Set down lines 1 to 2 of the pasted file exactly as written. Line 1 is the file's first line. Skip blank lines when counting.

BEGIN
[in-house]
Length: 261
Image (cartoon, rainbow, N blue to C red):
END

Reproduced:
[in-house]
Length: 261